Like many job seekers, you feel more motivated than ever to kick start your job search now that summer is coming to an end. You updated your resume, applied to various positions, and you finally landed an interview. After quickly freshening up on your interview skills and everything starts to feel familiar, the recruiter calls you with an unexpected twist. Your interview will not be one-on-one as you expected, but instead, it will be a panel interview with multiple department heads. Don’t panic! Here are some pointers on how to ace a panel interview.
- Ask for the interviewers’ titles in advance.
Ask your recruiter/company contact before the interview who you will be meeting with and what their title is with the company. This way, you can personalize your answers and have a better idea of what they are looking for. For example, the HR Manager and the IT Director will have different outlooks coming into the interview and you will be able to direct your answers appropriately knowing their role in the organization.
- Don’t only address the person asking the question.
Answer the question in favor of the person asking, but try to tie in something that will interest the other department heads as well. Make eye contact with the person who asked the question, but take time to glance at others to keep everyone engaged.
- Treat all interviewers equally.
Don’t spend your time sucking up to the President or Owner. All managers in the interview are there for a reason and they all have a say in the hiring decision.
- Cut out the fat.
Get to the point faster than you would in a regular interview. Every interviewer wants their questions answered. Be sure to start off with what is most important before you potentially get cut off. If you get cut off by another interviewer, decide if what you are saying is really important or if it’s okay to move on to the next question. If you do need to finish your previous response, politely ask to finish first before you move on. Try your best to address one question at a time.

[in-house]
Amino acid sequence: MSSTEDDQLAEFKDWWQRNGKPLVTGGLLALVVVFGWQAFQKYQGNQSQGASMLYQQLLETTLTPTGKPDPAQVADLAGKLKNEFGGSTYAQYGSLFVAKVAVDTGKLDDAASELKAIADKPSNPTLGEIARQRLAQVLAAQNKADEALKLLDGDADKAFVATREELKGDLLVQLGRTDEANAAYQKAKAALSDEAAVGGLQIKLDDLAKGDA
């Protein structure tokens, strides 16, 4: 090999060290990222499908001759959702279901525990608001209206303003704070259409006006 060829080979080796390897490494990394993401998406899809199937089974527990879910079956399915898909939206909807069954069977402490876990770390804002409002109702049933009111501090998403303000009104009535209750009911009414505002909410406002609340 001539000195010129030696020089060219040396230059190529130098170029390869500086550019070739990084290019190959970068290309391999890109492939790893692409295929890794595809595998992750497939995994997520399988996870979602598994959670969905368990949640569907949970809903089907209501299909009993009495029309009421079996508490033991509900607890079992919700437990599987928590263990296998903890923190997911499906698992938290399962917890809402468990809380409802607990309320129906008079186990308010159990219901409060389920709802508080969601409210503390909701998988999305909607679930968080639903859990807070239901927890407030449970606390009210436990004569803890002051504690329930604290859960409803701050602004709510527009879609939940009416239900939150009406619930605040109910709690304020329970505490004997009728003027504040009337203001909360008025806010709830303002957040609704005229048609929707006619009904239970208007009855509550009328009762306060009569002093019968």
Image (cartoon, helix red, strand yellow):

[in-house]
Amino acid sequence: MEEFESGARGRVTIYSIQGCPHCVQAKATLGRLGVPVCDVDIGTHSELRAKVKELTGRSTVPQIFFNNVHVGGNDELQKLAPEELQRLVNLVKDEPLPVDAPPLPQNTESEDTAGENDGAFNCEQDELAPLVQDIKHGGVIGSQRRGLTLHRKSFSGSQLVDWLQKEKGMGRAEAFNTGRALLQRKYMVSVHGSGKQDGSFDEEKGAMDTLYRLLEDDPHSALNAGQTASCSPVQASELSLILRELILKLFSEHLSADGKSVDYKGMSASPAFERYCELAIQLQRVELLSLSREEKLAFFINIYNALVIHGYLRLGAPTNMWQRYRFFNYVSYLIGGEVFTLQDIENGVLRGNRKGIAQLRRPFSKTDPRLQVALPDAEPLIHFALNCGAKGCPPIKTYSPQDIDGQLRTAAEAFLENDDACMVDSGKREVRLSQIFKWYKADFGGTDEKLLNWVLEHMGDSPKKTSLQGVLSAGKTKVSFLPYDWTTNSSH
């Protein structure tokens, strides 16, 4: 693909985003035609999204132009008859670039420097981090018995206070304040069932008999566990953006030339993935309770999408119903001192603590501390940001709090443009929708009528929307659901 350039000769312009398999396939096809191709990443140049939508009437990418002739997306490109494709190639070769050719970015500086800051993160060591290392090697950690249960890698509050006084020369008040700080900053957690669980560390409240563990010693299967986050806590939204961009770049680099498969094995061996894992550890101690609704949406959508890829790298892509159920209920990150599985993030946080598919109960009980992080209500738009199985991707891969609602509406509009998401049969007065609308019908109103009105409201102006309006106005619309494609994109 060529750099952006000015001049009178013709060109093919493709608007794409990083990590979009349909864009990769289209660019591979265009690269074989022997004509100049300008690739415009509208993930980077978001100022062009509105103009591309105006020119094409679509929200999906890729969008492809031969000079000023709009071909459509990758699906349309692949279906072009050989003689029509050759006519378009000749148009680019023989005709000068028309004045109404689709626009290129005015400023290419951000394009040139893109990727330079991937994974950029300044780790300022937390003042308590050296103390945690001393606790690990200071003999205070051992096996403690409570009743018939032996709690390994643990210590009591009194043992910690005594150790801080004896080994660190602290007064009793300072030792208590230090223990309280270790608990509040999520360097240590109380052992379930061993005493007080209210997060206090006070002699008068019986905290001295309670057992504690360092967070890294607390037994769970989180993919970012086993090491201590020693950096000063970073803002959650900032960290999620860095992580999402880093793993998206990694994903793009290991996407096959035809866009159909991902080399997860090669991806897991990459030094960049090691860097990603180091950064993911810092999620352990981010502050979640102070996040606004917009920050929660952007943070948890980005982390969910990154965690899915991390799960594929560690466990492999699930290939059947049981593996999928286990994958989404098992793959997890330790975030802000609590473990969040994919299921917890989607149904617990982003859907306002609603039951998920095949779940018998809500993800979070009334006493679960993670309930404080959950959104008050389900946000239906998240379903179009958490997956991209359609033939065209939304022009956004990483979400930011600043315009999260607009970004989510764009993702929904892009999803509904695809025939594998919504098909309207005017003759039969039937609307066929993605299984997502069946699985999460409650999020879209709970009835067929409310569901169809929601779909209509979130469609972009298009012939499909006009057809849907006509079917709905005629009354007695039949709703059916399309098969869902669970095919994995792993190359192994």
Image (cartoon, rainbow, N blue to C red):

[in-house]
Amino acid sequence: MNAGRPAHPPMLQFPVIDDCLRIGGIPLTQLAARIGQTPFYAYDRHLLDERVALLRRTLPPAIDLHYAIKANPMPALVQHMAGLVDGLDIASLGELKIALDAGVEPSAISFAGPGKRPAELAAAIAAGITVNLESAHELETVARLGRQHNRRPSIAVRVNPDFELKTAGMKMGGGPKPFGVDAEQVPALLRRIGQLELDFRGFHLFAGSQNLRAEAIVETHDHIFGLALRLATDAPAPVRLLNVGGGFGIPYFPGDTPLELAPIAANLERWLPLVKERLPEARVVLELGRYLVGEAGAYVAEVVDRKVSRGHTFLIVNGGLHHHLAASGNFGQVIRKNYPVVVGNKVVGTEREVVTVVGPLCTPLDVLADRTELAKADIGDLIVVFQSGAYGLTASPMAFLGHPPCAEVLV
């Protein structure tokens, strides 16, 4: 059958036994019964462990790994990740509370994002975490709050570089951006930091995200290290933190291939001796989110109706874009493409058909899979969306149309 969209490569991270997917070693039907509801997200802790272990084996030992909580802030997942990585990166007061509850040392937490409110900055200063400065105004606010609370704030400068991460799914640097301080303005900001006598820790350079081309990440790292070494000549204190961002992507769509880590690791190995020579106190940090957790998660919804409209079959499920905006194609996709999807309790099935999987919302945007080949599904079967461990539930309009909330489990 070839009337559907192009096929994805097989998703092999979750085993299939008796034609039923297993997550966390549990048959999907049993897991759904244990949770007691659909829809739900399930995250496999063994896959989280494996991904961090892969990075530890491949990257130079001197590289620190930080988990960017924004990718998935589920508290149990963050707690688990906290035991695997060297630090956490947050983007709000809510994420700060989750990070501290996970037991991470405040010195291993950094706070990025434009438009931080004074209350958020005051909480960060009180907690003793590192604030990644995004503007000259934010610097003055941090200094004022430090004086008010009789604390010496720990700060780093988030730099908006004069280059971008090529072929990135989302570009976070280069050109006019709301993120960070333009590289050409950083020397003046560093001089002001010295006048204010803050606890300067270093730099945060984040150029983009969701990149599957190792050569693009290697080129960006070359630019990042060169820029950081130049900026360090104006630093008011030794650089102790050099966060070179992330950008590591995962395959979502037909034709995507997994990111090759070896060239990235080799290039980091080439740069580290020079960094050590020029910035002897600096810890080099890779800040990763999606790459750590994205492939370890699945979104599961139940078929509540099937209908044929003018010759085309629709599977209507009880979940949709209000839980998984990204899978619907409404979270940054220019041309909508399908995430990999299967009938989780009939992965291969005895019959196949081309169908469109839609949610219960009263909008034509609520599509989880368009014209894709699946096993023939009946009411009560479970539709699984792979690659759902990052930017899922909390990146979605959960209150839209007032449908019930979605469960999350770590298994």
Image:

- Repeat questions back before responding.
If there is a lot of chatter and questions being thrown at you, it’s okay to repeat the question back. This will not only help you verify what was asked, but it will indicate to the interviewers what question you’re answering next.
- Prepare (many) more real life examples and accomplishments.
For a one-on-one interview, you are accustomed to your usual selling pitch followed by a few great real life examples. For a panel interview, more preparation is needed as you can’t use the same accomplishments over and over. Similar questions will be asked with a slightly different twist from each interviewer and you have to be ready with at least triple the amount of examples of previous experiences.
- Send thank you emails to each interviewer individually.
Ask for a business card from each interviewer and send individual emails to each thanking them for their time. Try to personalize each email as much as possible.
Although this may sound more stressful than a one-on-one meeting, there are some perks to panel interviews. A panel interview indicates that there are multiple opinions needed to fill the role you are interviewing for. This interview style will eliminate the need for you to go back to the office multiple times to interview individually with each department head helping make the final decision. This ultimately speeds up the hiring process, letting you know if you got the job or not in a shorter period of time.
Before walking into your panel interview, remain confident and remember that you can’t always please everyone. No matter how many people are interviewing you, being well-prepared will help you succeed.